Warning issued after young child is rescued from sea on inflatable dinghy

Credit: RNLI/Rhyl

A young child was rescued by a north Wales lifeboat crew after being swept out to sea on an inflatable dinghy.

Offshore wind and high tides caused problems on Bank Holiday Monday with inflatable toys, boats and balls being carried out to sea.

The inshore lifeboat crew from Rhyl launched mid-afternoon after receiving two similar 999 calls but it was confirmed that a young child was still aboard the second inflatable.

The crew proceeded at full speed to the casualty and arrived at the scene within three minutes of the second call.

  • Watch the moment the young child was rescued by the lifeboat crew

The child was a few hundred metres out at sea, but luckily had stayed on the inflatable.

The crew took the child on board and successfully reunited her with her family, who were waiting on the shore with the Rhyl coastguard team.

Her family had kept a safety line to the shore, but the line became detached and the dinghy started drifting.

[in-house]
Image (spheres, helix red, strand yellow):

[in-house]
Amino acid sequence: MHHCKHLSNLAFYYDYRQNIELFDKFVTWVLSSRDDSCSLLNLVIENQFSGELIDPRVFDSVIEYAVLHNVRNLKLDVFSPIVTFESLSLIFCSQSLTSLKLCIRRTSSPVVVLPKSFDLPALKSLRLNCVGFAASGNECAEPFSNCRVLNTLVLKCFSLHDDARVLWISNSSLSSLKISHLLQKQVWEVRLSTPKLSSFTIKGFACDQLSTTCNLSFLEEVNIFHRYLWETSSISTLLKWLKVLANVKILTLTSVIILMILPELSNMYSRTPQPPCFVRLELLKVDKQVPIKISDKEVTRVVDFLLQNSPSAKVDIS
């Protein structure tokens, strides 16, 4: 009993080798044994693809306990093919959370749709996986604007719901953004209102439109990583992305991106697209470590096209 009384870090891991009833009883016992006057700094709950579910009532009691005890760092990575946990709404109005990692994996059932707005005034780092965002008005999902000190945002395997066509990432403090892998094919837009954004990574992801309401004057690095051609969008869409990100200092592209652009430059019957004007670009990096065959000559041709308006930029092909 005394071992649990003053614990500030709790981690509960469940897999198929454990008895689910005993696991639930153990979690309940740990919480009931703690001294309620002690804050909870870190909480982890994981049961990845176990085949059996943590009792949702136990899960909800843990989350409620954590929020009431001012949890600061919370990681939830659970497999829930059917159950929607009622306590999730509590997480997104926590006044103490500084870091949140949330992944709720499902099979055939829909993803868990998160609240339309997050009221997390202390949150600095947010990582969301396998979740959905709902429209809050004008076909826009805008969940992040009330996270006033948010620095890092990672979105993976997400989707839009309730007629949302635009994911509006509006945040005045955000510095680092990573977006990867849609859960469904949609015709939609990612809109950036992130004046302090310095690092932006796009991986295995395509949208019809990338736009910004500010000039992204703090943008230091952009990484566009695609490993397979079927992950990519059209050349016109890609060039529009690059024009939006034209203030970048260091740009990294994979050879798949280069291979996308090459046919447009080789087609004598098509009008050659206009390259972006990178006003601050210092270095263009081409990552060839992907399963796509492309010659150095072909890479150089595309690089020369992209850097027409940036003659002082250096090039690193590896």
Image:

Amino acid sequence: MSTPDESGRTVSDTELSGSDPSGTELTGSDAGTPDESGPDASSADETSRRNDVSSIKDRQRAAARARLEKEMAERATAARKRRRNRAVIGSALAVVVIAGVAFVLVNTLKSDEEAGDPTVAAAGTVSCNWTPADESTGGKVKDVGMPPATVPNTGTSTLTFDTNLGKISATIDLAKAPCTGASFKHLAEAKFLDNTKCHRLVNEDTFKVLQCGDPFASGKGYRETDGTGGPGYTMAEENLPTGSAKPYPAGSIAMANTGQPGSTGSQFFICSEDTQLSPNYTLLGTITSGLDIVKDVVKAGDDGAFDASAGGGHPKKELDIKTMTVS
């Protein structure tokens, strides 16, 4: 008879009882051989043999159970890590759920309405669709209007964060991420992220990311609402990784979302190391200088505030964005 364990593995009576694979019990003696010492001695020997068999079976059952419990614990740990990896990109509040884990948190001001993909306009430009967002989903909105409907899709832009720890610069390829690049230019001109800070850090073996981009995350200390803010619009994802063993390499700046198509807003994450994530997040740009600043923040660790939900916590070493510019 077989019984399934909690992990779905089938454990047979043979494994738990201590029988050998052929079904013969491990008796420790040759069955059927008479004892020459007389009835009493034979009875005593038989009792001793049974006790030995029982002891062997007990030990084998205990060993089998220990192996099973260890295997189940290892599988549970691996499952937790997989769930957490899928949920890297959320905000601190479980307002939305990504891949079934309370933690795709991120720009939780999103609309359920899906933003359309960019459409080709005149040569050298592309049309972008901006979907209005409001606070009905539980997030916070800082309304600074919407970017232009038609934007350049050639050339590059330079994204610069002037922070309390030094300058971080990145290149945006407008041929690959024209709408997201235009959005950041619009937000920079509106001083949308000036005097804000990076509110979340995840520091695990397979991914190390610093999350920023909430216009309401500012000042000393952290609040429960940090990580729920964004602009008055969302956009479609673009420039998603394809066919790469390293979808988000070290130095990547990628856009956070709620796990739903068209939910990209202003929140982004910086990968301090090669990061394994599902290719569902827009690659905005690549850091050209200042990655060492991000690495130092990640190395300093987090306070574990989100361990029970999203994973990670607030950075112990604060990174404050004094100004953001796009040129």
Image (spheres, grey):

Credit: RNLI / Marine Traffic

RNLI Wales has teamed up with Bangor University to launch a new campaign, urging the public to choose lifeguarded beaches when they visit the coast.

This comes after a recent survey, conducted by the charity revealed that 30 million people are planning to visit the coast this summer.

Chris Cousens, RNLI Water Safety Lead in Wales said: "We are expecting this summer to be the busiest ever for our lifeguards and volunteer lifeboat crews in Wales and the survey figures back that up.

"With its stunning scenery and spectacular beaches, we are certain people will flock to the Welsh coastline and want people to enjoy it.  We do however urge everyone to respect the water, think about their own safety and know what to do in an emergency. 

"Our main advice is to visit a lifeguarded beach and swim between the red and yellow flags. RNLI lifeguards will be patrolling around 245 beaches this summer to offer advice on how to stay safe and they are also there to help anyone who gets into trouble.

"Whether you’re at a lifeguarded beach or not, look out for safety signage and seek advice on safe places to swim, keep your children under supervision at all times, avoid swimming alone where possible and know to alert the lifeguards or call 999 or 112 and ask for Coastguard in an emergency."

The RNLI charity saves lives at sea and provide a 24-hour search and rescue service around the coast.